Analysis of Scottish public finances: coverage

Date: 12 March 2015
Contacts: Paul Johnson and David Phillips

Building on its highly cited work in the run up the Scottish referendum, the IFS has continued to analyse and evaluate the issues facing Scotland and the UK as plans are made for further devolution. IFS researchers have examined how the Barnett formula deals with business rates, a tax already devolved, and analysed the unanswered questions about the the new fiscal framework that the Smith Commission's proposals for further tax and welfare devolution would require. Both pieces of work received wide coverage, and IFS staff were called to give evidence at both the Treasury and Scottish Affairs committees, and the Scottish Parliament Finance Committee.

The Scottish National Party (SNP) has suggested that the Smith Commission's proposals do not go far enough and have called for "full fiscal autonomy" whereby Scotland would keep all taxes and be responsible for all spending (including making transfers to the UK government to cover defence, foreign affairs and interest payments on Scotland's share of the UK's existing debt). It has also proposed that the UK government should spend more in the coming years than any of the main UK parties have suggested.

Analysing what a fiscally autonomous Scotland's finances might look like, and what the SNP's plans for public spending for the UK as a whole might entail is therefore crucial. IFS work here has received wide coverage in the media, and has been the key issue for First Minister's Questions on the 12 and 19 March.


Paul Johnson gave a presentation at the David Hume Institute in Edinburgh on 10 March about the public finances and tax and spending options; he also gave evidence to the Scottish Finance Committee.

Press coverage of this presentation included articles in the Times (Scotland) and the Herald:

Converging economic policies pave way for Labour-SNP pact, The Times (Scotland), 11/03/2015, p.2, Lindsay Mcintosh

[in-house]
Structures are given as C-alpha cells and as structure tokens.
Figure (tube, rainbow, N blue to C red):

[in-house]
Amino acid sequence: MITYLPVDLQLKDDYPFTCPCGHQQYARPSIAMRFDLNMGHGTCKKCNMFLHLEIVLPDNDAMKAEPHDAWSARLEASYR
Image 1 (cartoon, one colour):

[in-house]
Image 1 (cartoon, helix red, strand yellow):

Spending study adds weight to Labour-SNP coalition theory, The Herald, 11/03/2015, p.6, Magnus Gardham


IFS analysis by David Phillips on 11 March using the annual Government Expenditure and Revenues Scotland (GERS)was covered widely in Scotland:

Plunging oil prices leave Scotland with growing public deficit, thinktank warns, The Guardian, p. 11, Severin Carrell, 12/03/15

Sturgeon's fiscal vow to cost Scots £800, The Times (Scotland), p. 1, Lindsay Mcintosh, 12/03/15

Fiscal autonomy 'would require tax rises', The Daily Telegraph (Scotland), p. 1, Simon Johnson, 12/03/15

Sturgeon defiant on devo max as deficit hits £12bn, The Herald, p. 1, Magnus Gardham, 12/03/15

Devo max would pose a serious economic challenge for Scotland, The Herald, p. 6, Magnus Gardham, 12/03/15

GERS bluster a distraction to addressing challenges ahead, The Herald, p. 11, Iain Macwhirter, 12/03/15

Pro-Union parties seize on tax and spending figures which show referendum 'No' vote saved Scotland £4billion in public spending, Daily Record online, Torcuil Crichton

Scotland's sticky finances, BBC News online, Douglas Fraser’s blog

Scots public spending highest in Great Britain, says new report, STV online

Deficit blow for Sturgeon, Daily Express (Scotland), p. 1, Paul Gilbride, 12/03/15

Labour deal with Nicola 'will cost us £800 each', Daily Mail (Scotland), p. 9, Alan Roden, 12/03/15

IFS warning on full Scots autonomy, The Courier and Advertiser (Dundee), p. 16, Kieran Andrews, 12/03/15

Public spending highest in Britain, Press Association, in Montrose Review and other local papers

Price could be paid for devolution, Press and Journal, p. 12, David Phillips, 12/03/15

Scotland remains in the red while the outlook depends on North Sea oil, The Scotsman, p. 7, John Mclaren (Fiscal Affairs Scotland), 12/03/15